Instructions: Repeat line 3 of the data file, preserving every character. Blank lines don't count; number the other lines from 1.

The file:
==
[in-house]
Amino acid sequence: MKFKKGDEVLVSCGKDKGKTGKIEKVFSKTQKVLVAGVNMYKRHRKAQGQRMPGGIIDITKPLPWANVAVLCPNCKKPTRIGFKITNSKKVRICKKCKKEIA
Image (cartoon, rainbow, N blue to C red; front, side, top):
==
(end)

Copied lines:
Image (cartoon, rainbow, N blue to C red; front, side, top):